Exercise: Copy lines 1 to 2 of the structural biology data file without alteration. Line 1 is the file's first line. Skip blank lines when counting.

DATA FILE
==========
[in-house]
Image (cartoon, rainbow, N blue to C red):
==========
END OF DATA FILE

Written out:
[in-house]
Image (cartoon, rainbow, N blue to C red):